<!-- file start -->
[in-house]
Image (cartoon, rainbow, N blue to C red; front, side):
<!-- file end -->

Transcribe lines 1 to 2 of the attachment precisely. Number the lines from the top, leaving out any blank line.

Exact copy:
[in-house]
Image (cartoon, rainbow, N blue to C red; front, side):